It was also back in the 1960s I came across folk singer Ralph McTell, a prolific and gifted songwriter whose style invites you into a unique world, weaving narrative that tugs on your heart, songs and music that are significant, poignant and sometimes amusing. It’s impossible for me to pick a favourite but this one, Let Me Down Easy, holds particular meaning from when my first marriage broke apart. However, Ralph’s music and songs have always been there for me, and always will be.


When I moved to Gloucestershire in the mid 1970s, I thought I would lose the concerts I habitually frequented in London. Thankfully, I was wrong. Bristol has two fantastic concert venues, the Colston Hall and the Hippodrome, and I was fortunate to attend both many times to see and hear Ralph McTell, Status Quo, Queen, Stevie Millar Band, Rod Stewart and the Faces, Mike Harding, Inspirational Choir and many, many more. It was at this time I also met (at a dance) the man who is my husband now for 40+ years, and no play list would be complete without “Our Song”. For us, it’s Just the Way You Are by Barry White. I was never a great fan of Barry’s but this song says it all. It has to be his version, mind. The original and other covers don’t do it for us.


The 1970s and beyond has been filled with wonderful singers, bands and music. George Michael, Billy Joel, Pink Floyd, the Eagles, ELO, Stevie Wonder, Abba and so much more. Amongst all of these the passion for classical music held strong, with many a summer evening enjoying what became a family tradition of open-air classical picnic concerts. Milton Keyes Bowl provided a regular location for music, song and fireworks. From Duxford airfield to the majestic grounds of Berkeley Castle, we much preferred listening to the Three Tenors than the Three Degrees. One piece in particular was a firm favourite of my family, one which we also played at my father’s funeral: the Intermezzo from Cavalleria Rusticana by Mascagni. From its melancholy start to the heart-tugging end, it took many years before I was able to listen to this again without the tears welling. But time heals.


Throughout all of the music world there is but one singer who can make the hairs on the back of my neck stand up. He came to the fore about 20 years ago with a voice often described as “The voice of an angel” and “If God could sing, he would sound like this.” Who? The one and only Andrea Bocelli, of course. His songs helped me through long convalescence when I was first struck down with a now life-long medical condition. His songs also bring back wonderful memories of holidays shared with my mother and two beloved sisters, of lying on sun-drenched Greek beaches with the beach bars close by playing his CDs. Utter bliss. Again, it difficult to choose which song from the many. Bocelli often duets with other singers, ie Celine Dion, Sarah Brightman, John Miles, his wife and even his son, but last year he duetted with another of my favourites: Ed Sheeran. A double whammy! Thus for my last shout I have included Perfect Symphony. Oh my, those hairs are on end again.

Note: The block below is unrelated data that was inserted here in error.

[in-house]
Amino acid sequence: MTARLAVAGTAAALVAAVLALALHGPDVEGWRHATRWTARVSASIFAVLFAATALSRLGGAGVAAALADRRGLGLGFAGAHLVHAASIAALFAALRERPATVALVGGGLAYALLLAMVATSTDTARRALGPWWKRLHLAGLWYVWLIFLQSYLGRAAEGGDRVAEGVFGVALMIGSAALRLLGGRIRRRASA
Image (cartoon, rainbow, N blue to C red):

Music, in particular, classical music, is at the heart of Kit Domino’s forthcoming novel: White Stones, a haunting story of love and music transcending the barriers of time, featuring a relatively unknown real-life composer and one of his works rarely heard in the UK. In no way a frightening read, this novel may change your mind about the supernatural and how the world around us works.

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Due for release on 1 June 2019, it is available for pre-order on Amazon as an ebook, and will be available in paperback shortly thereafter.

Excerpt from White Stones

Disjointed notes faded in and out. Gone one moment, there the next – faint strands of music drifting up from downstairs. Cursing herself for having left the radio on, Penny Cornwall tossed down her book, threw back the duvet and reached for her dressing gown draped across the bottom of the bed.
On opening the bedroom door, the music became a fraction louder. Chords rose and fell, but the bars were incomplete, vague fragments of sound that lacked coherence. Head tilted, she listened for a moment before groping the wall for the light switch. The narrow stairwell flooded with harsh cold light.